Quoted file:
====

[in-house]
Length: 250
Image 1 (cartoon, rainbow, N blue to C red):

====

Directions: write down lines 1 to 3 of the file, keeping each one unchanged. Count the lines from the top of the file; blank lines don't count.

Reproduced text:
[in-house]
Length: 250
Image 1 (cartoon, rainbow, N blue to C red):